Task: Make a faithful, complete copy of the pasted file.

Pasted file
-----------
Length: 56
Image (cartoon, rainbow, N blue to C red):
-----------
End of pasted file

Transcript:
Length: 56
Image (cartoon, rainbow, N blue to C red):